Bentley’s 100 hurdles time eclipsed her own interscholastic state record of 13.41, but a plus-3.1 mph wind gauge reading deemed it not legal for records purposes. A 2.0 reading is the allowable limit in short sprints and long jumps. The 13.25 would be the fastest time in the U.S. this season.
“I got beat in this event last year (by best friend Marissa Saunders of Westerville South), so this was kind of my redemption,” she said. “I wasn’t expecting the race to be that easy. I was kind of in a zone, I guess. I heard the crowd erupt when I crossed the line so I figured it must be a record, but certainly not 13.25.”
Central Ohio athletes claimed 12 championships, 12 runner-ups and eight thirds in the big-school division.
Other boys titles were claimed by Jayden Douglas of Beechcroft in the 300 hurdles (36.72), Joel Addo of Olentangy Orange in the high jump (6-8), Jack De Francesco of Hilliard Davidson in the pole vault (15-6), DJ Fillmore of Licking Heights in the long jump (24-11) and Thomas Worthington 4×400 relay team made up of Shohaan Singh, Camden Beatty, Daniel Assoku and Eli Hitzhusen.
“I don’t really start running until the 200 mark,” Douglas said. “It’s all about getting your steps down and being fluid. Then the race starts. I train at the 400-meter hurdles (the college distance) to make me stronger. Today’s time wasn’t what I wanted, but I’ll get it next year.”
Addo didn’t miss until his attempts at 6-9, and the fewer-misses tie-breaker allowed him to top a talented field.
“This was just surreal,” Addo said. “When I got third in the long jump in the morning with a PR, that really got my adrenaline going and it carried over into the high jump. I made my 6-6 and 6-7 jumps easier than I ever had before.”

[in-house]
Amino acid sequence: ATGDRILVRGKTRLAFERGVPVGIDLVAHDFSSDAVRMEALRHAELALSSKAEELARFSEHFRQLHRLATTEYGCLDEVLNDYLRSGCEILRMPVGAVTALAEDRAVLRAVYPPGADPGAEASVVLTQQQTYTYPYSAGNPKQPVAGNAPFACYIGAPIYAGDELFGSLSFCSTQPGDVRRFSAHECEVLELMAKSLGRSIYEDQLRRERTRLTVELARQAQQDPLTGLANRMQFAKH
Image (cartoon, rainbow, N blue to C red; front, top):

Although De Francesco jumped a foot further in taking runner-up in 2021, moving up a step on the awards stand was much more satisfying.
“I know I could’ve gone higher, but this is beyond huge for me because I had a really hard year,” adding that he dealt with the death of a beloved grandmother “who was my biggest fan” in February. He honored her by wearing a special necklace.
Fillmore turned in the third best performance in Ohio history to beat Hilliard Darby’s Alex Smith in the latest chapter of their indoor and outdoor season-long battle for state supremacy.
Smith, an Indiana signee whio had jumped 24-11½ (second best all-time) in May, settled for his second runner-up finish in a row.
The Olentangy Orange 4×100 girls relay team also bagged a title (47.55). Members were Josephine Davis, Ava Musgrove, Cassidy Shrimp and Teresa Christian.
Cleveland Glenville (45 points) and Dayton Oakwood (47) were the respective boys and girls champions in Division II.
The Columbus-area’s top performer was Isaiah Pressley of Columbus Eastmoor Academy, who took second in the 400 (48.76) and ran on the third-place 4×200 relay team (1:28.10).
In Division III, Colin Haj-Abed walked away with his second gold medal as he cruised to victory in the 110 high hurdles (14.81). He won the long jump on Friday.
Haj-Abed was second in the hurdles in 2021 and felt like he was a favorite Saturday.
“I got a little bit of a slow start and I destroyed the last hurdle, but fortunately my strong suit is middle two-thirds of the race,” he said. “What I achieved this weekend is all I ever hoped for.”
Haj-Abed, who carries a 4.2 grade point grade, will compete at Northeastern University and major in computer engineering.”
Creston Norwayne edged McDonald 40-38 for the boys title while Colonel Crawford outscored Castalia Margaretta 44-41 to gain the girls’ gold trophy.